The etymology of the word gypsy is interesting. Webster 1913 touches upon the fact that it's derived from "Egyptian" but doesn't really explain further. When the first Romany peoples crossed the English channel and arrived in England some 500 years ago, they found themselves in a nation which was just beginning to flex its nautical muscles. English explorers had begun sailing out around the world, and, at a loss to explain where these dark-skinned travellers had come from, decided that they resembled the people of Egypt.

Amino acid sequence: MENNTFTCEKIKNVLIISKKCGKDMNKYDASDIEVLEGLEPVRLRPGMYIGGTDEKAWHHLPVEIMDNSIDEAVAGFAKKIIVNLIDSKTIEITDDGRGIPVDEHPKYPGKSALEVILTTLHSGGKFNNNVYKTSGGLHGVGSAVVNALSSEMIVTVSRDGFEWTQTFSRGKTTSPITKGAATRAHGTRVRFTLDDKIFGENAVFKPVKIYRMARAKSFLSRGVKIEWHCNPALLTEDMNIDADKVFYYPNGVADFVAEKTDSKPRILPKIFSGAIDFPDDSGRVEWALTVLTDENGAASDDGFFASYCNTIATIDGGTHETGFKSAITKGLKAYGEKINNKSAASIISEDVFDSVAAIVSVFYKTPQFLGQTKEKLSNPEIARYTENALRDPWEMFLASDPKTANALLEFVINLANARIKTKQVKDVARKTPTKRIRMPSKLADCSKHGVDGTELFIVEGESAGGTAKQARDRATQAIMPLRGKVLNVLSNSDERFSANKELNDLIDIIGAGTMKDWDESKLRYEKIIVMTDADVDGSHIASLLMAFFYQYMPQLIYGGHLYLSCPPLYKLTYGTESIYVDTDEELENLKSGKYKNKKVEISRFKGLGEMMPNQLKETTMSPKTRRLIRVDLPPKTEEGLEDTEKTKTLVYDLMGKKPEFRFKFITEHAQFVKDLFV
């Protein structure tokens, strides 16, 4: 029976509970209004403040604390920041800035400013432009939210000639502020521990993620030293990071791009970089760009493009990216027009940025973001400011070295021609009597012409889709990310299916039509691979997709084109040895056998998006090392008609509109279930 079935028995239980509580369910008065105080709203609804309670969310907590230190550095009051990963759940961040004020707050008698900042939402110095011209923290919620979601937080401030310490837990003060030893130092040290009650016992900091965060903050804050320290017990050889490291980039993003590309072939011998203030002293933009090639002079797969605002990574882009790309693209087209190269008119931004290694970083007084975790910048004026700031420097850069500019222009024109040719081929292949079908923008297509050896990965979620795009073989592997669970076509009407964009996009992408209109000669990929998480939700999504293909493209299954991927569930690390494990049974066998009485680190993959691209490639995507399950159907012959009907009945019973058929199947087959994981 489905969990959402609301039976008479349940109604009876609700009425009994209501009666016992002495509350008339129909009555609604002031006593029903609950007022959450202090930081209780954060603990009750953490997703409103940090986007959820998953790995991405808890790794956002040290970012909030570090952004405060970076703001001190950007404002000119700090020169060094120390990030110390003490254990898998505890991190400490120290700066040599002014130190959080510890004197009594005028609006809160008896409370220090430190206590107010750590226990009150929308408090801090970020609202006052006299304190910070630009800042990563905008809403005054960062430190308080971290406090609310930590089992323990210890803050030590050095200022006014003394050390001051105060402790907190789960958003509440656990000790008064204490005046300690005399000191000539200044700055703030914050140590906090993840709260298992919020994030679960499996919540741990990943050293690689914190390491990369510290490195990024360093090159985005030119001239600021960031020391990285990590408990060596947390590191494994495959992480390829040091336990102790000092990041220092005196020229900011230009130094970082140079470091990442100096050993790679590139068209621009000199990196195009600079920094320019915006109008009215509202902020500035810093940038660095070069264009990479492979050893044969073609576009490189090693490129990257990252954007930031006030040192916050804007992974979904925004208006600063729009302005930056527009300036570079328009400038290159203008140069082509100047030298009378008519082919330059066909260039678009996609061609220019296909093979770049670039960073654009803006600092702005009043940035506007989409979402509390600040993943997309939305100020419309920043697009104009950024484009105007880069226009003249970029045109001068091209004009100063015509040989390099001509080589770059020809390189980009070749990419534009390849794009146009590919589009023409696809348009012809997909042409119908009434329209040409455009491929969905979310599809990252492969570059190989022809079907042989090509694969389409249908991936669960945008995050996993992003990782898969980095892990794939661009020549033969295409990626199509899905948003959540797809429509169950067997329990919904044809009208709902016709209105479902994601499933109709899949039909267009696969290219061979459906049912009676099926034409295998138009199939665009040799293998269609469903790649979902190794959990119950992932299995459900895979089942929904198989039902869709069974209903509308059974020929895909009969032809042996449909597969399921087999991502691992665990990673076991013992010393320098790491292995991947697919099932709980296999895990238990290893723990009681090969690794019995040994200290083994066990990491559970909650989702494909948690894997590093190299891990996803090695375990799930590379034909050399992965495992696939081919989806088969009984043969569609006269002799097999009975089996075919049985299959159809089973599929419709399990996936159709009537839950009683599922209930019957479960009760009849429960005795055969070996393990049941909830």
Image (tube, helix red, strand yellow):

The word Egyptian gradually became corrupted to Gypsy, and as England moved further away from a feudal, rural society towards a capitalist, city-based one, the Romany lifestyle came to be considered a subversive threat. The status of the Romany dropped from that of travelling folk who could provide a useful service and they became labelled as beggars and thieves. For a long time the words gypsy and Egyptian were interchangeable, and in fact in the 18th Century a law was passed in Britain making it illegal to "impersonate an Egyptian".